Lunar mission power
NASA Seeking Small Nuclear Reactor to Power Missions on Moon’s Surface
The National Aeronautics and Space Administration has issued a request for proposals for innovative technologies for a fission surface power system to be used for energizing future moon missions. The space agency is advancing the FSP project in hopes of using nuclear energy to power missions to the lunar surface and beyond as early as 2030, World Nuclear News reported Monday.
In its Nov. 19 RFP, the space agency solicited ideas for a flight-ready small fission reactor powered by low-enriched uranium. It was specified that the technology should be able to provide 40,000 watts of continuous power for at least 10 years in the lunar environment.
NASA’s envisioned power generator must fit within a four-meter-diameter cylinder, six meters in length in the stowed launch configuration, and weigh less than 6,000 kilograms. It should also be able to switch itself on and off without human assistance.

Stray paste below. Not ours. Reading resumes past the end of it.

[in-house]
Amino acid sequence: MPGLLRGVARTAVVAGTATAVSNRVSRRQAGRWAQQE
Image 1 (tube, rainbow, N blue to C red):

Furthermore, NASA’s future compact, lightweight and highly durable electricity generator should be able to operate from the deck of a lunar lander or be placed on a mobile system and transported to another site on the moon for operation.
The FSP project is sponsored by NASA in collaboration with the Department of Energy and Idaho National Laboratory to initially establish a durable, high-power, sun-independent power source for missions on the moon but hopes that the technology can be used as U.S. astronauts travel further into space. NASA said the project will pave the way for sustainable base camps on the Moon and even on Mars.
Tags: Department of Energy fission surface power Idaho National Laboratory lunar power applications NASA RFP space World Nuclear News